Prior to the VMMC Experience Project investigation, none have consulted or followed up with the men and women who have been directly affected. Many are living in rural poverty, invisible to the developed world. They have had no platform or voice in the circumcision agenda. Maloba’s investigation is the first to shed light on the African side of the story.
African men and women say the campaign is violating their rights, confusing their cultural identity, and profoundly worsening the AIDS epidemic. They implicate the program in the spike in HIV cases we have seen in recent years. Seven respondents in Maloba’s investigation said that they had acquired HIV because of misinformation around circumcision.
“I blame those who told me that if I get circumcised I won’t get HIV,” said one respondent, “and I got HIV already!” Others mourned the loss of friends, brothers, relatives, and neighbors to AIDS following the procedure they believed would protect them. “These people are dying of HIV due to ignorance,” a respondent explained.
“If we don’t stop this thing,” Maloba warns, “this community will not have a generation that will take care of the old people.”
Instead of mass circumcision, Africans want funding for sustainable medical facilities, anti-retroviral medications (ARVs), more durable condoms, HIV education, and poverty reduction initiatives.
Many cite AIDS-related tragedies from the VMMC program. They seek an end to the circumcision campaign as a public health disaster and a form of cultural imperialism from the West. “It is something that has been imposed on us,” a reverend explained in his interview. “If I could get a forum to fight it, I could fight it very hard.”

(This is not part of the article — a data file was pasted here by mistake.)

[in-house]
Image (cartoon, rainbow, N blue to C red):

*VMMC-promoting institutions include the Bill & Melinda Gates Foundation, the World Health Organization, UNAIDS, USAID, PEPFAR, Jhpiego (Johns Hopkins University), and numerous NGOs.
About the VMMC Experience Project
The VMMC Experience Project is a 501(c)(3) nonprofit effort to document the effects and aftermath of the world’s first mass surgical campaign. Its aim is to empower the most frequently overlooked contingent in the African circumcision regime: Africans.
The VMMC Experience Vault. Candid interviews with 90 men and women affected by the circumcision campaign. www.vmmcproject.org
Previews. Video previews of the VMMC investigation. www.vmmcproject.org/extras/
A Slave Has No Power Over His Masters. Prince Hillary Maloba’s groundbreaking speech on the problem of VMMC and why Africans must resist it. www.vmmcproject.org/about-us.
‘You Age Like Trash When You’re Racist’: Black Woman Goes Off on Entire Kansas City Police Board (Watch)
*An activist in Kansas City has made national news after video of her ripping the entire board of police commissioners a new one has gone viral.